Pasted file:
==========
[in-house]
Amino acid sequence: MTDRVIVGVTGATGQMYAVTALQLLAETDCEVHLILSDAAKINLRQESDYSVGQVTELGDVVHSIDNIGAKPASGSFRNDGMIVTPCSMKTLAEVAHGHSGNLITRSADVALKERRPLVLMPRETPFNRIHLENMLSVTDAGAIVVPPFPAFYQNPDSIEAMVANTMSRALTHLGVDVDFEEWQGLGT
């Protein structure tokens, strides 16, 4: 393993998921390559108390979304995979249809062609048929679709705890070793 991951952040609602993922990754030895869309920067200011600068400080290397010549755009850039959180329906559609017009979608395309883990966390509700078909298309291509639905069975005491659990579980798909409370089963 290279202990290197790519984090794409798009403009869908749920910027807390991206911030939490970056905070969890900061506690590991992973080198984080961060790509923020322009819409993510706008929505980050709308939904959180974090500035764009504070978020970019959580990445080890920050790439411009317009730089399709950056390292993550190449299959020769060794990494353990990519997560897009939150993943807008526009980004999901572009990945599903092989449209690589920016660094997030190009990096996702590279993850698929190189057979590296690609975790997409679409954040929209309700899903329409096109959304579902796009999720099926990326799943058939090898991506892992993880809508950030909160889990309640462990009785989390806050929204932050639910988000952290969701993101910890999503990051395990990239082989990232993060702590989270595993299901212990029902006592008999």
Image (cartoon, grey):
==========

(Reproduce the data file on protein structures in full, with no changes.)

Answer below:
[in-house]
Amino acid sequence: MTDRVIVGVTGATGQMYAVTALQLLAETDCEVHLILSDAAKINLRQESDYSVGQVTELGDVVHSIDNIGAKPASGSFRNDGMIVTPCSMKTLAEVAHGHSGNLITRSADVALKERRPLVLMPRETPFNRIHLENMLSVTDAGAIVVPPFPAFYQNPDSIEAMVANTMSRALTHLGVDVDFEEWQGLGT
């Protein structure tokens, strides 16, 4: 393993998921390559108390979304995979249809062609048929679709705890070793 991951952040609602993922990754030895869309920067200011600068400080290397010549755009850039959180329906559609017009979608395309883990966390509700078909298309291509639905069975005491659990579980798909409370089963 290279202990290197790519984090794409798009403009869908749920910027807390991206911030939490970056905070969890900061506690590991992973080198984080961060790509923020322009819409993510706008929505980050709308939904959180974090500035764009504070978020970019959580990445080890920050790439411009317009730089399709950056390292993550190449299959020769060794990494353990990519997560897009939150993943807008526009980004999901572009990945599903092989449209690589920016660094997030190009990096996702590279993850698929190189057979590296690609975790997409679409954040929209309700899903329409096109959304579902796009999720099926990326799943058939090898991506892992993880809508950030909160889990309640462990009785989390806050929204932050639910988000952290969701993101910890999503990051395990990239082989990232993060702590989270595993299901212990029902006592008999």
Image (cartoon, grey):